Platt Perspective on Business and Technology

Considering the nature and qualities of money 11: thinking ahead to the next peer-to-peer currency generation 1

Posted in macroeconomics by Timothy Platt on June 16, 2014

This is my eleventh posting to a series on money and on what monetary value functionally means (see Macroeconomics and Business, postings 142 and loosely following for Parts 1-10.) And up to here I have been discussing the nature of money as a medium of value exchange and representation, and how peer-to-peer currencies do and do not fit into that larger ongoing paradigm. And in that I have largely focused on bitcoin as a best known example of a peer-to-peer currency offering, at least as of this writing.

My focus of attention in Part 10 of this series was on the reliability and constancy of money in its various forms, as a trustworthy basis for setting value in marketplace transactions. All of this series up to now has, in fact been directed towards that goal, and the matching goal of measuring and analyzing bitcoin as a peer-to-peer currency example for how it measures up to the standards set by more reliable and trusted nation-backed currencies for this.

I have, over the course of this progression of postings, raised and at least briefly discussed a series of issues that bitcoin brings up, highlighting both its strengths and its weaknesses in the process. And at this point I find myself returning to a point that I first raised in this overall series discussion in Part 4 where I first raised the notion of ending up on the wrong side of history in judging peer-to-peer currencies per se.

Bitcoin might pass through its current uncertainties and challenges as what in retrospect, would be seen as its initial growing pains. And it might come of out its early stage challenges stronger and more secure as a result of having faced and surmounted them. Or bitcoin itself might ultimately fail, and from the cumulative impact of challenges that have already reached the news and become part of public awareness and opinion, and from new revelations.

Either way and even if every one of the first generation peer-to-peer currencies that have arisen to date fail, I do expect the challenges of today’s peer-to-peer currency offerings to be resolved. In an increasingly transnational and global economy, and in an increasingly online and cyberspace-based economy, extra-national currencies will arise and come to thrive – when and as lessons learnable from their first generation forerunners are learned from and built from. And that brings me to the ending to Part 10 where I noted in anticipation what I would write about in this installment.

The right side of history, if you will, will all but certainly include at least some form of peer-to-peer currency option as at least one of the core bases of financial transactions and marketplace valuation determinations and purchases. What would such a vetted and secure peer-to-peer currency look like? How would it be generated, validated for authenticity, stored and used? And what is the best way to reach this state for these new currency forms, under terms where their unit value can be stable and reliable enough to meet even stringent due diligence requirements and for all significantly involved categories of interested and invested parties?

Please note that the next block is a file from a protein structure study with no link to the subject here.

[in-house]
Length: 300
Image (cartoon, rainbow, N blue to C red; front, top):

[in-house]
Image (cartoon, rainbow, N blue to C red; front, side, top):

And this brings me to the precise wording that I cite here from the end of Part 10, where I stated that I would:

• Discuss some possible lessons that could be learned from bitcoin and other first generation peer-to-peer currencies and both for their own evolutionary development and for any second generation successors that would follow them.

As a matter of basic, general principle any response that I would give to that challenge would begin with a list of the strengths that bitcoin has going for it, and of the mistakes and missteps of bitcoin as the current generation poster child peer-to-peer currency. So I will couch my discussion to follow in terms of this working example currency option.

• And I note that if the points of vulnerability and of potential currency valuation failure that have arisen in bitcoin and its first generation peers are not effectively addressed from within their peer-to-peer currency generating and using communities, and in ways that meet the concerns of the overall marketplace, then they will be addressed externally and in large part under governmental aegis and mandate.
• And if these correcting mechanisms cannot come together to create reliable stability for those currencies they will fail. So the learning curve issues and challenges that I will write of here are not just matters of abstract academic principle; they have very real world, practical ramifications too.